Wednesday, November 4, 2015

A Module for Urban Quail Raising

Urban agriculture is becoming to be the ‘in’ thing. And it is not just the usual growing of vegetables, ornamentals and fruits. Animals which are often associated with foul odor can also be grown in thickly populated urban areas.

Of course, not all farm animals are suitable for raising in the urban setting. But there are a number which can be raised without the neighbors complaining. One of them is quail raising.

Gil SP Garcia who is president of a big company that manufactures animal feeds has come up with a practical module for quail raising in urban homes. The module was showcased at the Agri-Kapihan on October 25 at the AANI Agri-Bazaar at the Quezon Memorial Circle in Quezon City.

Jeffrey dela Cruz, Agrichexer’s quail expert, conducted the lecture on urban quail raising at the Agri-Kapihan, bringing with him a double-deck wire cage that can accommodate 30 layers and 10 males to mate the females.

Although the female birds will lay eggs without any males to mate them, many believe that fertile eggs are more healthful than those unfertilized eggs. That’s also the belief of many Japanese and Korean consumers who prefer fertilized chicken eggs. They say a fertilized egg has more healthful attributes.

According to Jeffrey, the 30 layers can produce enough eggs that one family needs in their daily diets. It is also possible for them to sell some of their eggs to their neighbors. In fact, if they are business-minded, they could take care of more cages to increase their production if they think there is a demand in the neighborhood.

Only a modest capital is needed to start a quail raising project in the city. The cost of the cage, the birds (it could be ready-to-lay birds), feeds and miscellaneous expenses could amount to just P3,450. The amount can be recovered in just several months.

Usually the cost of producing a quail egg is about 80 centavos, according to Jeffrey. The market price ex-farm is P1.25 apiece. So there is a 45-centavo margin per egg.

In urban quail raising, the monetary profit may not be the paramount consideration. It is having a supply of fresh eggs that is probably more important. If more urbanites will produce food, especially healthy food, then food security is enhanced. Even if there are areas that are struck by disasters and they cannot deliver the usual commodities to the metro areas, there will be food available from the urban farmers.


The Agri-Kapihan is a highlight of the three-day monthly AANI Agri-Bazaar that is held on a Friday to Sunday every month at the Quezon Memorial Circle.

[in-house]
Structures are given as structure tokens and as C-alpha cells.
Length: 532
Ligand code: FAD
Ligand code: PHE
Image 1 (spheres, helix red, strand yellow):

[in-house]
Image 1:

In last Sunday’s Agri-Kapihan, Antonio Rola, a co-host of the award-winning Kaunlaran Sa Agrikultura radio program, expounded on the mango industry as well as the rice industry. We also shared our own observations on the rice industry which we were able to gather at the Rice Future Forum that we attended in Ho Chi Minh City earlier.

Rola debunked the myth that the Thai and Vietnamese rice farmers are better than local farmers as rice producers because their experts studied in Los Baños. The truth is, the rice yields in Thailand and Vietnam are lower than those achieved by many Filipino farmers. Their only advantage is that the two countries have much bigger areas planted to rice and the areas are contiguous because the two countries are not archipelagos like the Philippines. Transport of their rice produce is therefore much cheaper. Another reason is that the population in the Philippines (100 million plus) who have to eat rice is much bigger than the 68 million in Thailand.


Porfirio ‘Pio’ Rodriguez also made his spiel about the practicality of converting manure and other biodegradable materials into biogas. He has developed an above-ground biogas digester consisting of four plastic drums, good for household use. Six to 10 swine fatteners can provide the manure that will be enough to generate gas for cooking in the home.

Of course, there are big biogas installations that can generate electricity for industrial or community use. We remember visiting some years back the huge biogas system of Brookside Farm in Tarlac which was supplying electricity to the grid. The farm uses its electricity to power its own feedmill and its lighting requirements. In fact, because of the availability of practically free electricity in the farm, the company thought of fabricating welded steel crates and cages for swine and poultry farms.

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